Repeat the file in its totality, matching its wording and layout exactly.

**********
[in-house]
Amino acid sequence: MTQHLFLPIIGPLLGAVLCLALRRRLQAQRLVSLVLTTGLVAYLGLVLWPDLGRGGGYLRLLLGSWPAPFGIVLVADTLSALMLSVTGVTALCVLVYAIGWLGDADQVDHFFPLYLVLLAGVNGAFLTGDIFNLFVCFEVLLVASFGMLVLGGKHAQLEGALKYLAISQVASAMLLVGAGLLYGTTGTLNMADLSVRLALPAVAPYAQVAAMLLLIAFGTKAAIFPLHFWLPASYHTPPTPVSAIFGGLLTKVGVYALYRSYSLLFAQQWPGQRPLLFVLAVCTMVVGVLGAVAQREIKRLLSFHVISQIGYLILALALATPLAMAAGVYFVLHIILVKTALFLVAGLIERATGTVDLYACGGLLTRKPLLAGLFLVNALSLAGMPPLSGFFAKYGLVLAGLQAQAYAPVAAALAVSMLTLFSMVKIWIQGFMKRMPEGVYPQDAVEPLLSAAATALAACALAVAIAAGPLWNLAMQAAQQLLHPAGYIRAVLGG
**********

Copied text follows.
[in-house]
Amino acid sequence: MTQHLFLPIIGPLLGAVLCLALRRRLQAQRLVSLVLTTGLVAYLGLVLWPDLGRGGGYLRLLLGSWPAPFGIVLVADTLSALMLSVTGVTALCVLVYAIGWLGDADQVDHFFPLYLVLLAGVNGAFLTGDIFNLFVCFEVLLVASFGMLVLGGKHAQLEGALKYLAISQVASAMLLVGAGLLYGTTGTLNMADLSVRLALPAVAPYAQVAAMLLLIAFGTKAAIFPLHFWLPASYHTPPTPVSAIFGGLLTKVGVYALYRSYSLLFAQQWPGQRPLLFVLAVCTMVVGVLGAVAQREIKRLLSFHVISQIGYLILALALATPLAMAAGVYFVLHIILVKTALFLVAGLIERATGTVDLYACGGLLTRKPLLAGLFLVNALSLAGMPPLSGFFAKYGLVLAGLQAQAYAPVAAALAVSMLTLFSMVKIWIQGFMKRMPEGVYPQDAVEPLLSAAATALAACALAVAIAAGPLWNLAMQAAQQLLHPAGYIRAVLGG